By Krys T. Alimurka, M.D.
Roughly 50 million Americans currently suffer from allergies. Of that number, only 5 percent receive treatment that can actually alter the underlying disease. The other 95 percent-more than 47 million people-either suffer with their symptoms or treat them through prescriptions or over-the-counter medication. While allergy sufferers might find temporary relief, these medications are just that-a temporary treatment that masks symptoms short term.
That startling statistic may soon change. The only known treatment that can change allergic disease and provide long-term or permanent relief is immunotherapy. Immunotherapy works by slowly desensitizing an allergic person to the substance that causes their reaction. Traditionally, allergy shots or injections have been the standard way to offer immunotherapy in the United States. But many of those allergy sufferers who are most sensitive, as well as young children and people with other chronic allergy-related illness such as asthma or sinusitis, may not be candidates for shots. Many are unwilling to undergo shots because of an aversion to needles. For some, their lifestyles may not allow the weekly, bi-weekly or monthly injection appointments, or they may live in remote areas where shots aren't easily accessible.
In recent years, a different form of immunotherapy has begun to offer allergy sufferers another option for long-term solutions. Allergy drops, or sublingual immunotherapy, uses the same antigens that are used in injections, but they are taken through a liquid drop that is delivered under the tongue. Drops are taken daily, can be taken by patients at home, and have been shown through research to be very effective. Clinical evidence also shows that allergy drops can be used for a broader range of allergies-including foods and molds — and a broader range of conditions-including eczema and chronic sinusitis — that can make them a preferred method of immunotherapy.
Perhaps one of the most compelling benefits of sublingual immunotherapy is its safety profile, which allows infants and children to begin allergy immunotherapy at an age when the immune system is still developing. Research has shown that immunotherapy — whether injection or by allergy drop-can help slow the progression of additional allergy development, and potentially even asthma. By treating the very young, we could have a great impact on a generation of would-be allergy sufferers.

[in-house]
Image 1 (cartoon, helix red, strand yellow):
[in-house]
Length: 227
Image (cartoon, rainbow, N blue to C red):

We know immunotherapy works. As a board-certified allergist, I used injection immunotherapy for more than 20 years and saw its benefit. Today, I see an opportunity to make the treatment more accessible for all patients with the addition of sublingual immunotherapy. We can help offer more relief, and reduce millions of dollars in hospitalization, medication, and lost time from school and work.
For the 95 percent of allergy sufferers who may have resigned themselves to long-term medication to treat symptoms or endless suffering, and for those who are interested in treating them, that's welcome news.
Dr. Alimurka is board certified in Pediatric and Adult Allergy by the American Board of Internal Medicine and the American Board of Allergy and Immunology. She is a Fellow of the Royal College of Physicians and Surgeons of Canada. She is a graduate of the University of Toronto, Ontario, Canada. Dr. Alimurka is a member of the American Academy of Allergy, Asthma and Immunology, the Tennessee Medical Association, the Tennessee Society of Allergy, the Clinical Immunology Society, the Southern Medical Association, the Southeastern Allergy Association, the Chattanooga and Hamilton County Medical Society and the Chattanooga Regional Oncology Association.
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